Defense Medical Research and Development
Understanding the Protective Effects of Cellular Prion Protein (PrPC) and Cell Death Protease Inhibition for Treating TBI
Posted Feburary 17, 2017
Richard Rubenstein, Ph.D., State University of New York, Downstate Medical Center
Each year, over 20,000 Service members are diagnosed with traumatic brain injury (TBI)1 and require hospitalization and treatment. TBI is a significant cause of morbidity and mortality among Service members and civilians. TBI often results in central nervous system (CNS) damage and tissue degeneration leading to significant neurological dysfunction. The underlying molecular mechanisms causing the neurological pathology are poorly understood. Calpain, a calcium-activated neuronal protease, has been shown to be associated with several neurodegenerative disorders (i.e. Alzheimer's Disease) and research has recently found it becomes activated within minutes following TBI. Previous studies have also shown that cellular prion protein (PrPC) has neuroprotective functions and during injury, such as TBI, PrPC has been shown to be cleaved by calpain potentially leading to the observed neurodegeneration. With support from a 2010 Defense Medical Research and Development Program (DMRDP) Basic Research Award, Dr. Richard Rubenstein proposed to examine whether TBI-activated calpain cleaves PrPC and whether pharmacologic and/or genetic inhibition of this cleavage would improve upon neuronal survival and functionality thus reducing neuronal dysfunction.
To determine the protective effects of PrPC expression levels and the effect of cell death protease inhibition on neuronal and glial cells, Dr. Rubenstein’s group at the State University of New York Downstate Medical Center conducted in vitro studies using primary murine cerebrocortical mixed cultures (CCM) derived from three mouse lines expressing no PrPC (PrPC knock-out; PrPKO), normal (wild-type; WT), and high (tga20) levels of PrPC. Results from these studies were recently published in Molecular Neurobiology. Results demonstrated that PrPC overexpressing cells (from tga20 mice) provided the most robust neuronal-glial protective effects against both necrotic and apoptotic cell death challenges. PrPC overexpressing CCM lost its neuronal-glial protective effects by 24 hours post-necrotic and apoptosis challenge. Dr. Rubenstein’s group also conducted neuronal and glial biomarker analyses to investigate the effects of PrPC expression levels on the protection of both neurons and astroglial cells against pro-necrotic and apoptotic challenges. Neuronal and glial damage were assessed through the examination of the expression levels of spectrin breakdown products (SBDPs) and glial fibrillary acidic protein breakdown products (GFAP-BDPs or GBDP), respectively. Results showed that both neuronal (SBDPs) and astroglial (GBDP) injury biomarkers were inversely related to the expression levels of PrPC. Moreover, regardless of PrPC expression level, calpain and caspase inhibitors provided further protection against necrotic and apoptotic cell death phenotypes, respectively.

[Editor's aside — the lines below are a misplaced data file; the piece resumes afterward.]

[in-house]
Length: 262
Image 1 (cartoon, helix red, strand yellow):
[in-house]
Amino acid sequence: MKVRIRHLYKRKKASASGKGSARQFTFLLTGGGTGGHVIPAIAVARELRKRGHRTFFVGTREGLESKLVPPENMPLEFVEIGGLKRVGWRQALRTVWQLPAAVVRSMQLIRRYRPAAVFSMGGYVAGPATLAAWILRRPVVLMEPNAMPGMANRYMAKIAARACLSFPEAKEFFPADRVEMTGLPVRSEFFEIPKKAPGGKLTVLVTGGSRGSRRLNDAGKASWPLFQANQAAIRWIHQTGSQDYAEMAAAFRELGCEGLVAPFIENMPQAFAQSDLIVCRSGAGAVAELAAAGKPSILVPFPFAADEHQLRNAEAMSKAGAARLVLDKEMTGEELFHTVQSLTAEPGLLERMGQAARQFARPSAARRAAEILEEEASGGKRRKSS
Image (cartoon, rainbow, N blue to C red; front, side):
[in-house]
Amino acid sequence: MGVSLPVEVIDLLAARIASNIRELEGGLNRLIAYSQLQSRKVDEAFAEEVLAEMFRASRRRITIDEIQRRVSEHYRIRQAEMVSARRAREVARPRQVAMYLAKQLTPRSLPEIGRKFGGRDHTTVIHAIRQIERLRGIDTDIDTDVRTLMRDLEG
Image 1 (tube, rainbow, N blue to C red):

Through this 2010 DMRDP Basic Science Award, Dr. Rubenstein was able to show for the first time that PrPC is protective for both neurons and astroglial cells. Using the observation, that caspase and calpain inhibitors offered further neuro- and astroglial protection, Dr. Rubenstein’s team concluded that induced PrPC expression in conjunction with calpain and caspase inhibitors may provide a platform for future treatment options for TBI that could lead to enhanced neuroprotection and reduced neurodegeneration and thus improve the quality of life for Service members and civilians suffering from TBI. In vivo studies are now ongoing to further examine the influence of experimental TBI on PrPC expression.
Dr. Rubenstein’s research may lead to novel therapeutic strategies for the treatment of TBI that will significantly impact both military personnel and civilians. Additional information about Dr. Rubenstein’s research can be found in Molecular Neurobiology (2016; 53(7):4821-4832).
1 Since 2007. http://dvbic.dcoe.mil/dod-worldwide-numbers-tbi
Wang KK, Yang Z, Chiu A, Lin F, and Rubenstein R. 2016. Examining the neural and astroglial protective effects of cellular prion protein expression and cell death protease inhibition in mouse cerebrocortical mixed cultures. Mol Neurobiol 53(7):4821-4832.
Public and Technical Abstracts: Dual Target-Based Neuroprotection Approach to Treat TBI
Last updated Thursday, May 26, 2022